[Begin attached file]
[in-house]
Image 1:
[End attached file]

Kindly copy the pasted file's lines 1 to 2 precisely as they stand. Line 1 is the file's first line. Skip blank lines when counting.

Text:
[in-house]
Image 1: